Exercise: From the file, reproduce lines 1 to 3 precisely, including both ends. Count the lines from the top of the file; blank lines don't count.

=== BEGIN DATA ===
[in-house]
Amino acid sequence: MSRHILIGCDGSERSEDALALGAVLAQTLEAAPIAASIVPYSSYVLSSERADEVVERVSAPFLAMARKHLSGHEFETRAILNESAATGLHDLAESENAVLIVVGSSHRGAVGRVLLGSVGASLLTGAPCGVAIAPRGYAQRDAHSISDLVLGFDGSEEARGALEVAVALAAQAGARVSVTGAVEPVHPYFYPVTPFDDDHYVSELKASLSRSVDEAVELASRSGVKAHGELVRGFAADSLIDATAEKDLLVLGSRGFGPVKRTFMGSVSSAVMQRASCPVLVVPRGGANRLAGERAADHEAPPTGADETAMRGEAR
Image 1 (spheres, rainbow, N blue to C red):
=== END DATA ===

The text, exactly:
[in-house]
Amino acid sequence: MSRHILIGCDGSERSEDALALGAVLAQTLEAAPIAASIVPYSSYVLSSERADEVVERVSAPFLAMARKHLSGHEFETRAILNESAATGLHDLAESENAVLIVVGSSHRGAVGRVLLGSVGASLLTGAPCGVAIAPRGYAQRDAHSISDLVLGFDGSEEARGALEVAVALAAQAGARVSVTGAVEPVHPYFYPVTPFDDDHYVSELKASLSRSVDEAVELASRSGVKAHGELVRGFAADSLIDATAEKDLLVLGSRGFGPVKRTFMGSVSSAVMQRASCPVLVVPRGGANRLAGERAADHEAPPTGADETAMRGEAR
Image 1 (spheres, rainbow, N blue to C red):